Exposing Real Faces
On this 14th of August, most Pakistanis did two things on facebook; first they wished everyone a happy independence day, and after that, they shared a video titled: “The real face of Dr. Amir Liaquat”. This video, that went viral in hours, shows a very “informal” side to Pakistan’s favorite televangelist. But apparently Dr Sahib’s joyful cussing and swearing didn’t go well with his audience, as most vented out their anger by using swear words that were even worse than the ones used in the video.
But the question is, was it really that bad? I mean let’s face it, the “street language” used by Dr. Sahib, is very common in the streets of Pakistan and even in its educational institutes. One hears the same cuss words, if not worse, in informal settings; whether it’s a dhabba or a college cafeteria, and just like Dr. Liaquat the same people would not repeat them on camera or in a more formal setting. In my opinion, this “real face” of Amir Liaquat is not that different from that of the average Pakistani.
But Dr. Liaquat does have another side, a side worthy of criticism, disgust and indignation, one that he showed to a literally deadly effect, but amazingly that showing went somewhat “unnoticed”. Dedicating the Alim Online on the 7th of September 2008 to the issue of Khatam I Nabuwat (finality of the Prophethood), Dr. Liaquat and his guests launched an attack on the faith of the Ahmadiyya Community. The discussion focused on the shortcomings of the Ahmadi beliefs, and included a series of personal attacks on the Prophet of the Ahmadis. The legitimacy of such criticism could be defended under “freedom of speech”, but then according to Dr. Liaquat et al such freedoms do not exist; as in matters of religion, there is no distinction between hate speech and criticism/banter.
In any case, bigotry was pretty low down the list of flaws on that day, as the discussion moved into the zone of internationally defined hate speech; with Dr. Liaquat legitimizing a massacre of the Ahmadis, while his guests, representing both the Sunni as well as the Shia sects, echoing his views. Within days, two members of the Ahmadiya community were assassinated, for which Dr. Liaquat was blamed not only by the aggrieved but also by his former political party i.e. the MQM.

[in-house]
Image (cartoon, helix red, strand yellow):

But, what was even more disturbing than the vitriol of Dr. Liaquat was the indifference or for that matter the acceptance that he got from his audience. Hats off to the MQM for distancing itself from him, but that was about it. In the aftermath of the show, Dr Liaquat’s career went from strength to strength; forget about sponsors distancing themselves, in its stead he recently got signed up as the head of a TV channel. Needless to say, his corporate acceptance which is based on his ability to generate revenues, is a reflection of his social acceptance; an acceptance that is conditional on a seemingly twisted and biased sense of morality.
Unlike the allegations of incitement to murder, Dr. Liaquat was very quick to respond to the allegations of “swearing and clapping”. Interestingly, his absolute denial is qualified with a reference to his past “contribution” to the cause of Khatam I Nabuwat.
On an unbiased scale of morality; the crime of “incitement to murder” would far outweigh “clapping and swearing”. It seems that by generating these paradoxical responses, Dr. Liaquat has not only exposed his own real face, but that of our society as well.